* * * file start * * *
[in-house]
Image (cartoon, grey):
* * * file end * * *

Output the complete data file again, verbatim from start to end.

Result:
[in-house]
Image (cartoon, grey):